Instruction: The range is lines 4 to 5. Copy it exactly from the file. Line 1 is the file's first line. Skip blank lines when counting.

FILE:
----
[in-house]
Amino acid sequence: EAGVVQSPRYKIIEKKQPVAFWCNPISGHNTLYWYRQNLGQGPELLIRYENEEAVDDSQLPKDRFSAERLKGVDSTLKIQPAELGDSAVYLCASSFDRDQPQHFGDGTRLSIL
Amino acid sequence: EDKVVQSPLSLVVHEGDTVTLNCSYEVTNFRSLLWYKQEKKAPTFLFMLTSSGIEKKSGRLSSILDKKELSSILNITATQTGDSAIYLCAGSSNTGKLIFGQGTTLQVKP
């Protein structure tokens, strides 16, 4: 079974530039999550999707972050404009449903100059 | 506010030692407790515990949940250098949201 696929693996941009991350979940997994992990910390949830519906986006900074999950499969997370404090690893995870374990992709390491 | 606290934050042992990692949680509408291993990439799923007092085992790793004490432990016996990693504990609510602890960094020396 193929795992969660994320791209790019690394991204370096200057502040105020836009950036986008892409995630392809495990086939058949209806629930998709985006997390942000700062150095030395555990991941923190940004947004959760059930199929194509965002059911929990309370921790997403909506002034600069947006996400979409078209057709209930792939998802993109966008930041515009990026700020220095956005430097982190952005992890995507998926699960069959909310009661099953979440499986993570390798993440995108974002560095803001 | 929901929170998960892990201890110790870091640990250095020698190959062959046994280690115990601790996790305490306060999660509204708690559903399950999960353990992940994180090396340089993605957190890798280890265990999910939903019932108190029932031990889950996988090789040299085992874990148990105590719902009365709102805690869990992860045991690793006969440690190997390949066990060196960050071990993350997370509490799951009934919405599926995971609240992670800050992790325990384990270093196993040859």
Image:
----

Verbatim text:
């Protein structure tokens, strides 16, 4: 079974530039999550999707972050404009449903100059 | 506010030692407790515990949940250098949201 696929693996941009991350979940997994992990910390949830519906986006900074999950499969997370404090690893995870374990992709390491 | 606290934050042992990692949680509408291993990439799923007092085992790793004490432990016996990693504990609510602890960094020396 193929795992969660994320791209790019690394991204370096200057502040105020836009950036986008892409995630392809495990086939058949209806629930998709985006997390942000700062150095030395555990991941923190940004947004959760059930199929194509965002059911929990309370921790997403909506002034600069947006996400979409078209057709209930792939998802993109966008930041515009990026700020220095956005430097982190952005992890995507998926699960069959909310009661099953979440499986993570390798993440995108974002560095803001 | 929901929170998960892990201890110790870091640990250095020698190959062959046994280690115990601790996790305490306060999660509204708690559903399950999960353990992940994180090396340089993605957190890798280890265990999910939903019932108190029932031990889950996988090789040299085992874990148990105590719902009365709102805690869990992860045991690793006969440690190997390949066990060196960050071990993350997370509490799951009934919405599926995971609240992670800050992790325990384990270093196993040859």
Image: